If you’ve ever sat down to watch a Hollywood movie, and it’s dealt with the travails of US teenagers or tales of global espionage, you might have seen a character produce a fake ID. These are either used for comedic effect or in a moment of tension where a character needs access to a vital room/floor/building, and more often than not everything works out well.
At Veriff identifying fake IDs is our bread and butter. So, we wanted to see: how would famous fake IDs fare in the real world? How might Veriff determine their validity or lack thereof?
As our first example, we decided to use one of the funniest fake IDs in modern cinema - the Hawaiian driver’s license belonging to McLovin in the 2007 film Superbad.
In case you’ve never seen Superbad (and if not, you should), here’s the situation where the ID is produced (we’ve already been shown the ID in an earlier scene with his friends): the underage character Fogell, played by Christopher Mintz-Plasse, is attempting to buy beer in a convenience store, and shows his Hawaiian driver’s license featuring the now infamous name ‘McLovin’.
The store clerk looks at it dubiously, before the store is then suddenly robbed, leading Fogell to be knocked out and soon after have to produce the same ID in front of 2 bumbling police officers. In every instance, his ID seems to work, even on the cops.
But would it work with Veriff identity verification? Let’s break it down.
Name - Of course it’s the source of the comedy in the film, but single names are more common than you might think. So, as funny as it sounds, the name McLovin wouldn’t see this ID rejected outright. Even if it’s a ‘dumb, made up fairytale name’.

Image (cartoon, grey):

Dates - This is another suspicious factor, as Hawaiian licenses tend to run for only 6 years, and not 10, as shown on McLovin’s ID. The fact his birth date (at the time) put him at 25 years old, is less suspicious - people do have youthful faces sometimes!
License Number - There are problems here too, as most Hawaiian driver’s license numbers start with a capital H, followed by 8 digits.
Style - In terms of the look of the license, this is correct for a driver’s license issued at this time.
Barcode - The barcodes on US driver’s licenses have evolved since this type of ID was issued - they’re now on the back of the license and don’t look like a traditional barcode.
Of course, unlike in Superbad, we aren’t standing in front of Fogell and deciding whether or not he’s really McLovin. He’d go through our verification flow online, and our fully automated process would check his license in the background as soon as his photos were uploaded.
We’d then quickly pick up on any obvious inconsistencies and the ID would be rejected without any human intervention, thanks to machine learning.
Based on the front of the ID alone, he’d be treated as suspicious, and likely rejected. And that’s got to be seen as comforting given he likely didn't pay much for his fake ID. He’s also likely doomed anyone else named McLovin to be treated as suspicious in the future.
And the ID itself has even been used fraudulently since the movie came out - but not via Veriff. Not yet anyway.
Up next - the other super spy called JB, Jason Bourne.